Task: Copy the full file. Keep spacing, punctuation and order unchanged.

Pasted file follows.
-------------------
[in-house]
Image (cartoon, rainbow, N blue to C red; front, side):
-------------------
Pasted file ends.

[in-house]
Image (cartoon, rainbow, N blue to C red; front, side):